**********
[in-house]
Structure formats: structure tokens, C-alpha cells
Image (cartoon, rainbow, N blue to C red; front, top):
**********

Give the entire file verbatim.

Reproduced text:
[in-house]
Structure formats: structure tokens, C-alpha cells
Image (cartoon, rainbow, N blue to C red; front, top):